Committee passes legislation calling for FDA to modernize drug monograph
May 09, 2018
— The House Committee on Energy and Commerce on May 9 passed H.R. 5333, the Over-the-Counter Monograph Safety, Innovation and Reform Act of 2018 — legislation that would modernize the Food and Drug Administration’s system for regulating OTC drugs.
In a May 8 letter
to the committee, ADA President Joseph P. Crowley and Executive Director Kathleen T. O’Loughlin said the ADA supports the bill, noting the legislation is “an important step towards alleviating the scourge of opioid abuse that has been devastating our families and communities.” H.R. 5333 bill is a companion to the Senate version of the bill, S. 2315, which the ADA also supports
“Dental patients are often advised to treat post-operative pain with acetaminophen and ibuprofen in lieu of a prescription pain medication,” Drs. Crowley and O’Loughlin wrote. “The current regulatory scheme prohibits these active ingredients from being combined into one pill/tablet, meaning patients have to buy them separately and take different numbers of different pills at different times of day.”
Companies currently bring new OTC drugs to market by going through either a new drug application process or adhering to a drug monograph. A drug monograph is a predetermined checklist covering acceptable ingredients, doses, formulations and product labeling.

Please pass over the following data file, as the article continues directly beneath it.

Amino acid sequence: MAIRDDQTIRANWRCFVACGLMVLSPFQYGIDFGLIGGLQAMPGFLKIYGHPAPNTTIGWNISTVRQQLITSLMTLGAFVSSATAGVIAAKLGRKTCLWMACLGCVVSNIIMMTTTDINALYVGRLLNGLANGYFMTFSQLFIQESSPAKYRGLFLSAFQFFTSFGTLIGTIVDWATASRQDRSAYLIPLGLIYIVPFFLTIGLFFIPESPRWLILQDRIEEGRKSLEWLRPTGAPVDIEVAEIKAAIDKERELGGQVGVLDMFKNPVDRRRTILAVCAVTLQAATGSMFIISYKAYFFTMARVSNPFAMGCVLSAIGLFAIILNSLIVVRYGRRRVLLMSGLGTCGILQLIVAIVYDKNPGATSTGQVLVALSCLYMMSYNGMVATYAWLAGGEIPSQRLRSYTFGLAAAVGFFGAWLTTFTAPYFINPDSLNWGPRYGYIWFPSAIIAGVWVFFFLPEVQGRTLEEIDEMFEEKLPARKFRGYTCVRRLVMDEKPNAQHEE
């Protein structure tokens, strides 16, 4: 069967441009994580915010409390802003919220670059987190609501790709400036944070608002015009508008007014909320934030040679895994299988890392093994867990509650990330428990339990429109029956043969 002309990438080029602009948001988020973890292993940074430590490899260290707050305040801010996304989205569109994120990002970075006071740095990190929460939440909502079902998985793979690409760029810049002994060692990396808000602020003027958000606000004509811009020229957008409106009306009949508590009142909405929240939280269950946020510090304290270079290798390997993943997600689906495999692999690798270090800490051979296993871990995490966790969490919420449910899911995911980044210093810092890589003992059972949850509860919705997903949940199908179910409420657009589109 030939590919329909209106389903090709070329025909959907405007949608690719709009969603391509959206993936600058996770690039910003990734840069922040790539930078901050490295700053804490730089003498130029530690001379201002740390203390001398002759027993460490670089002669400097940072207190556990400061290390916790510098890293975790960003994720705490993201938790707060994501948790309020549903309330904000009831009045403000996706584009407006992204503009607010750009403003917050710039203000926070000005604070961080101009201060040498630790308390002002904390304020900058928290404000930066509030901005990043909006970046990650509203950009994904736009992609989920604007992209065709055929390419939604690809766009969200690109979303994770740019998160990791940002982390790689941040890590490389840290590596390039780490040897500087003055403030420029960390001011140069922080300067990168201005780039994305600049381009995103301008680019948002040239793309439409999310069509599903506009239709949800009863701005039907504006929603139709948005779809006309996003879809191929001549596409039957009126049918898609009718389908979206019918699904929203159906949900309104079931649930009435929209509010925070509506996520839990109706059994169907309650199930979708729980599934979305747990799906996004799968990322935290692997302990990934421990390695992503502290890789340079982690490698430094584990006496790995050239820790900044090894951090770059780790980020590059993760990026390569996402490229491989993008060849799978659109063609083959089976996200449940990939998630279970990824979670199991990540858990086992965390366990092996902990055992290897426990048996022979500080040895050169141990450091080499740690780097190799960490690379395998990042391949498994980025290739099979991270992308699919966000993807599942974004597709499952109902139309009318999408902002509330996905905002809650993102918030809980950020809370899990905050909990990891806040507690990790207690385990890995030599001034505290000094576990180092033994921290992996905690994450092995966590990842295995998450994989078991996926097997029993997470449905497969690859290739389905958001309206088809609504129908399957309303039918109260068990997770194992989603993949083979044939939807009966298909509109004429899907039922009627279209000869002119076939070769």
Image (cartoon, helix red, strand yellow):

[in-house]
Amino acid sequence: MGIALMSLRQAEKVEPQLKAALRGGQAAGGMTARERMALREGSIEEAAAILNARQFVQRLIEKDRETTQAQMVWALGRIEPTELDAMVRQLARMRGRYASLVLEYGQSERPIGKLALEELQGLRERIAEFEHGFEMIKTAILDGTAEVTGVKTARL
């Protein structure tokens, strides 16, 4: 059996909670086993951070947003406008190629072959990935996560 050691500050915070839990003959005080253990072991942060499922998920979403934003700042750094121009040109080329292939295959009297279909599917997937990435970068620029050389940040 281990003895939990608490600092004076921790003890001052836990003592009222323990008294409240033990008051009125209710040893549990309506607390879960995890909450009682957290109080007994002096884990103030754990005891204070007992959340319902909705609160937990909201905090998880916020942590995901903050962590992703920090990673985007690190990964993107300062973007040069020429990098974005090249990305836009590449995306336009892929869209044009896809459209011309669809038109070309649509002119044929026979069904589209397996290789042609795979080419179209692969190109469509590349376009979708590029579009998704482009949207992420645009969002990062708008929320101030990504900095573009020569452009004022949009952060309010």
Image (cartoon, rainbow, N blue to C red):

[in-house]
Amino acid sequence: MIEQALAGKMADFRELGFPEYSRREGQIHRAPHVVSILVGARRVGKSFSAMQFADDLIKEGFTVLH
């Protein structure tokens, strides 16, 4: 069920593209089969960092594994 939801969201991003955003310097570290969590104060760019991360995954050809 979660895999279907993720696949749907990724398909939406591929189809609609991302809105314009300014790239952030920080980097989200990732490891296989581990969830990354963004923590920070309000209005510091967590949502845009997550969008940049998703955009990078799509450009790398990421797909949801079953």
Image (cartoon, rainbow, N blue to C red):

The OTC monograph drug approval process is generally less expensive and more efficient than filing a new drug application. However, OTC monograph drugs are limited to only one active ingredient per product.
“Streamlining the approval process will, among other things, allow for the submission of non-narcotic pain relievers with a combination of two or more active ingredients, which is particularly important in the context of preventing opioid abuse,” Drs. Crowley and O’Loughlin noted.
The bill would allow the FDA Commissioner to approve monograph drug submissions by administrative order. The agency would have to supply a detailed justification for issuing the order, and the order itself would be subject to 45 days of public comment and a period of judicial review.
This approval process would be “much more nimble and far more effective than the one now in place,” wrote Drs. Crowley and O’Loughlin.
“We urge the Committee to issue a favorable report so it may be considered for a floor vote by the Senate,” they concluded.
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